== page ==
Victoria Lemieux


Research Interests

Blockchain technology
information visualization and visual analytics
International development
Records and information management
Risk management
Transparency and the public interest (in public sector and financial contexts)
Trustworthy records

Relevant Thesis-Based Degree Programs


Great Supervisor Week Mentions

Each year graduate students are encouraged to give kudos to their supervisors through social media and our website as part of #GreatSupervisorWeek. Below are students who mentioned this supervisor since the initiative was started in 2017.


Vicki is a wonderful supervisor because she has great knowledge in our field of study, she is very supportive and always believes in me, even when I don't. She incentivizes me to pursue new skills but always respecting my personality and will. She is always using positive words and her critiques are always constructive and objective so I can really improve myself. I feel very blessed to have her as a mentor in a challenging stage such as the Ph.D. course.

Danielle Batista (2019)


Graduate Student Supervision

Master's Student Supervision

Theses completed in 2010 or later are listed below. Please note that there is a 6-12 month delay to add the latest theses.

Learning to trust: exploring the relationship between user engagement and perceptions of trustworthiness in self-sovereign blockchain systems (2022)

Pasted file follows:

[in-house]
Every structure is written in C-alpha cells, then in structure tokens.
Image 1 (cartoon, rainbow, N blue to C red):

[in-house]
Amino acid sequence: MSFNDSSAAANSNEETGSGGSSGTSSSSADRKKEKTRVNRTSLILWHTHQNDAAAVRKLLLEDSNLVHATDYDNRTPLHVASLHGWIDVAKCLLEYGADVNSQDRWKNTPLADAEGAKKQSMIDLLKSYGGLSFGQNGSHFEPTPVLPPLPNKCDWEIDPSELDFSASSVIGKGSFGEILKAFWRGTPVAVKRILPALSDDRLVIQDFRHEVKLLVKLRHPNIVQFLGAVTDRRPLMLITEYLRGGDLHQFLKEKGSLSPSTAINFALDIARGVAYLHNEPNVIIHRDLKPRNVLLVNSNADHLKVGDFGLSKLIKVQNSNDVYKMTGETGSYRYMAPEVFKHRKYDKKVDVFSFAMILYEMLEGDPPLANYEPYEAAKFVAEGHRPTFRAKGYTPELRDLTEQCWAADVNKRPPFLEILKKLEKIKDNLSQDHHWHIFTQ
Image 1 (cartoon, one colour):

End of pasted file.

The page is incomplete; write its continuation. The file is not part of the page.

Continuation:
Blockchain can be characterized as a technology that enables social trust between actors. In Satoshi Nakamoto’s original vision, trust emerges through transparency, as the technology allows for expert users to verify any transaction by consulting a shared ledger. However, for lay users the technology itself can be quite opaque. Further, in private, permissioned medical blockchain applications, transparency can conflict with the need for confidentiality. This leaves an open question of how blockchain can enable social trust in these situations. Research on blockchain technology points to the importance of user experience design as providing a foundation. What then is the relationship between how users experience blockchain systems and how they may come to trust them? While there is some research exploring how user experiences with blockchain systems influences trust, the relationship between the front-end design of these systems, user engagement, which has been a major focus of user experience design for non-blockchain systems, and user trust in blockchain and distributed ledger systems has not explored previously. To address the gap in this nascent area of literature, this study presents original exploratory research on the relationship between user engagement and the user’s perception of trustworthiness with MYPDx, a prototype blockchain system that utilizes self-sovereign identity principles to enable patients to share genetic and other biomarker information with healthcare researchers. This research utilizes multiple methods to explore the relationship between user engagement and users’ perception of blockchain system trustworthiness, utilizing survey and interview data gathered during usability testing with a diverse sample of users (n=20). A strong positive correlation was established between the extent to which users found the system engaging and assessed the system to be trustworthy. The extent to which MYPDx was seen as usable was most strongly correlated with users’ assessment of its trustworthiness. Analysis of the research data indicates that users undergo a process of learning about the system through engagement, employing indicators from the system’s user interface to assess whether to trust the system. This study explores this interaction in more detail, presenting a theoretical picture of this phenomenon and design principles to inform future design and research.

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